Cannabis Extracts in Medicine: The Promise of Benefits in Seizure Disorders, Cancer and Other Conditions (Mcfarland Health Topics) - Jeffrey Dach M.D.,Justin Kander,Elaine A. Moore

Cannabis Extracts in Medicine

 

There is a huge controversy over Marijuana and its byproducts, but I think it is time to put aside the political agendas and see this as just another medication that can improve peoples lives.

 

A little education can go a long way.

 

Cannabis Extracts in Medicine: The Promise of Benefits in Seizure Disorders, Cancer and Other Conditions (McFarland Health Topics)

Amazon US  /  Amazon UK  /  Amazon CA  /  Goodreads

 

MY REVIEW

 

BEFORE you condemn it, learn about it.

 

I know this is a controversial subject, but there are so many reasons to rethink the illegality of marijuana.

 

It is not all about getting high, but, also, feeling better, being able to lead a productive life for young and old alike.

 

The illegality of marijuana came about in the 30’s. What drove it? Dupont, greed and politics?

 

Reading Cannabis was an education for me, not only in the drug, marijuana, itself, but all the things surrounding it. The political ramifications, the cost to victims lives when they are imprisoned, and the loss of their possessions through asset forfeiture. I mean, we don’t treat a murderer this badly.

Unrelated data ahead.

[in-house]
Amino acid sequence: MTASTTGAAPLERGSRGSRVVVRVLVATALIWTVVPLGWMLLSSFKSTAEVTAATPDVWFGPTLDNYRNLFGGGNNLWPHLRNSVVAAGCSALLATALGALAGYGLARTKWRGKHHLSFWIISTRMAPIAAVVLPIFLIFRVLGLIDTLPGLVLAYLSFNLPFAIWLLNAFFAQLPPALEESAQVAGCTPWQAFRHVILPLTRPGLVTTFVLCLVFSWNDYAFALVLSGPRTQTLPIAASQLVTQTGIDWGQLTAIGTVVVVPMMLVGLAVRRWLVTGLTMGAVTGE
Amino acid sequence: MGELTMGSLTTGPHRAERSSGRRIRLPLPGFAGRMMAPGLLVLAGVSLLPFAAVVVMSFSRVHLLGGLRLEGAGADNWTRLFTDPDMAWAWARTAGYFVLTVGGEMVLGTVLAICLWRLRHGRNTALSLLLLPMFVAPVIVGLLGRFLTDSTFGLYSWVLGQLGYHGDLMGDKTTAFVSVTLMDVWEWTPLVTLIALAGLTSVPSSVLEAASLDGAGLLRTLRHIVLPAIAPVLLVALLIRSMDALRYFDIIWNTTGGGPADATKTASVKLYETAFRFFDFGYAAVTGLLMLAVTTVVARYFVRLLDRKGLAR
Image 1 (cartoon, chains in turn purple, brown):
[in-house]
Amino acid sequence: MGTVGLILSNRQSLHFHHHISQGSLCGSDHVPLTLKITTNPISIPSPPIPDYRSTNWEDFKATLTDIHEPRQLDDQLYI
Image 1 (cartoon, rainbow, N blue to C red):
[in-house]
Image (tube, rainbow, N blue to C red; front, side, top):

So many diseases and ailments can be treated with marijuana, without the debilitating side affects of many legal pharmaceuticals…epilepsy, seizures, anxiety, bipolar, pain, cancer, parkinsons, and some major central nervous system disorders…insomnia, schizophrenia, multiple sclerosis, diabetes and inflammation and inflammatory diseases.

The growing of marijuana is the same as creating legal pharmaceuticals, they are developed. You don’t just throw a seed in the ground, give it some water, light and fertilizer and voila. It is complicated and costly, but, in my book, something we need to consider.

 

Have you had someone you love, or yourself, in torturous, overwhelming pain, anxiety that paralyzes you, a terminal illness that legal drugs make any kind of life impossible, , even though you are sitting beside the person, they are so drugged they don’t even know you are there?

 

What is wrong with giving people all the options that are out there? Don’t you want to make your own choices, when your health and quality of life is on the line?

 

At the end of each chapter of the books is a wonderful, simplistic summary of the chapter that makes things easy to understand.

 

I would recommend this book to EVERYONE.

 

I voluntarily reviewed a free copy of Cannabis Extracts In Medicine by Jeffrey Dach, MD.

Animated Animals. Pictures, Images and Photos 5 Stars

 

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Source: www.fundinmental.com/cannabis-extracts-in-medicine-by-jeffreydach-elainea-moore-justinkander